"It's strange," repeated our attendant warder, "how some men pick up a trade. We always find farm servants learn the quickest, and that simply because they ain't above doing as they're told, like the well-educated clerks and others that we get here." The trade-instructor then produced a pair of cloth boots, with patent leather at the toes and sides; these had been made, he told us, by one who was not a very good hand when he came to the prison, but had so far improved as to turn out a pair of boots like those, which would pass muster in many a shop."
"We supply all the Government prisons, sir, with the convict cloth," said the storekeeper; "and in some years we weave upwards of 50,000 yards here. But we not only weave the cloth, sir - we make up the clothes as well; and in the year 1853 the tailors here turned out more than 5,000 jackets, 4,000 vests, and nearly 7,000 trousers, besides repairing 4,500 old ones; and that isn't such a very bad allowance of work, seeing that we had only 150 tailors in the prison.
Then the attendant drew our attention to some really handsome mats and rugs, the surface of which was almost like Utrecht velvet. "Some of those, sir, I call uncommon tasty things," continued the official, "and such as no regular factory might be ashamed of. Our average manufacture here is about 4,000 of those bordered mats and rugs, and about 2,000 of those 'double-thumb' there," he added, as he directed our attention to a commoner sort. "Yes, sir, a man gets to see his value when he begins to do such tings as those. Besides this, we make up all the hammocks for the men at the Hulks and at Chatham."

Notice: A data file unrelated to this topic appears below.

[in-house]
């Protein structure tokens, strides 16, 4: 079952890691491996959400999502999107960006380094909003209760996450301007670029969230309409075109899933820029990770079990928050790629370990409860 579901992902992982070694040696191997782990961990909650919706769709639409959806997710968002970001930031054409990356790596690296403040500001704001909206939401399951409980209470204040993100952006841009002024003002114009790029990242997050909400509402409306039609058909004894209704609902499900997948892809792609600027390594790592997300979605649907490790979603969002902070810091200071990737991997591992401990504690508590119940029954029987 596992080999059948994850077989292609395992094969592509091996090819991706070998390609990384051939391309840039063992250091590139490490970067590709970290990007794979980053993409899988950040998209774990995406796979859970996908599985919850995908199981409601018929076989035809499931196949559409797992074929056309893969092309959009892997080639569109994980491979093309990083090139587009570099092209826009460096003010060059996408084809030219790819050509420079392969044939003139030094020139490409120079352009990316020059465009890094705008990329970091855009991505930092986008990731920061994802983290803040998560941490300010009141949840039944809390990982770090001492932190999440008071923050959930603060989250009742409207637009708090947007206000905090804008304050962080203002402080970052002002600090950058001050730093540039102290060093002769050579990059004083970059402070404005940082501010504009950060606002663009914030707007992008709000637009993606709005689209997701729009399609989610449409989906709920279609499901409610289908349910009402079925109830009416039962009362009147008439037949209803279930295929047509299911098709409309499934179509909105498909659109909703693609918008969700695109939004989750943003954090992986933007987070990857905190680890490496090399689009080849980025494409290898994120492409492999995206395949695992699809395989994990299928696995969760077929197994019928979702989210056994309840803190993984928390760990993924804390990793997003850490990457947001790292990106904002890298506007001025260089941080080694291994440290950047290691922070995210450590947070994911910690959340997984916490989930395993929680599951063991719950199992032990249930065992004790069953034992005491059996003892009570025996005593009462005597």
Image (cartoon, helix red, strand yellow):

Prisoners who have passed six months in the prison, and whose good conduct entitles them to a badge, will be credited with gratuities according to the table on the next page.
Those prisoners who worked in association were all located on D1, and also worked there. It was estimated that a long sentence prisoner could have accumulated as much as £20 in `gratuities' prior to discharge. They would also be provided with a good suit of clothes for discharge according to `their status' in order that they may have a fair start in the world again.
The officer instructors worked the same hours as the other officers, i.e. 6am to 6pm and also had to take their turn at watching every sixth night. (This was still in place in the 1960s where staff were expected to undertake a sleep in duty at night, and still continue their rostered day shift.)
Church was compulsory, but it was also a centre of communication by the prisoners. They would drop notes for others to pick up, pass notes under stall doors, scratch messages in the woodwork, or tap messages. As only their head was visible, although the officers knew it took place, detecting it was more problematical. It was a great source of vexation to the Governor.